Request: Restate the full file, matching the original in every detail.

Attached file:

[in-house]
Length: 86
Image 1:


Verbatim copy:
[in-house]
Length: 86
Image 1: